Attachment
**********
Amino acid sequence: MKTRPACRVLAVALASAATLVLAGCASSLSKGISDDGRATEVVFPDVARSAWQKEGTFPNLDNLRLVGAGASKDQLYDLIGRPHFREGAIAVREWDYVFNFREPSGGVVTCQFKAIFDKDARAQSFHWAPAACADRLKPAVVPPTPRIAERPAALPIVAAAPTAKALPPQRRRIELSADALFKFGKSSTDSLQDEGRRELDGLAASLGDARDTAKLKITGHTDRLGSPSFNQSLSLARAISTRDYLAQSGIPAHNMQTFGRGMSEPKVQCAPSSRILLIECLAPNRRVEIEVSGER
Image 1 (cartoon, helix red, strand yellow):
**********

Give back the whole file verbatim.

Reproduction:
Amino acid sequence: MKTRPACRVLAVALASAATLVLAGCASSLSKGISDDGRATEVVFPDVARSAWQKEGTFPNLDNLRLVGAGASKDQLYDLIGRPHFREGAIAVREWDYVFNFREPSGGVVTCQFKAIFDKDARAQSFHWAPAACADRLKPAVVPPTPRIAERPAALPIVAAAPTAKALPPQRRRIELSADALFKFGKSSTDSLQDEGRRELDGLAASLGDARDTAKLKITGHTDRLGSPSFNQSLSLARAISTRDYLAQSGIPAHNMQTFGRGMSEPKVQCAPSSRILLIECLAPNRRVEIEVSGER
Image 1 (cartoon, helix red, strand yellow):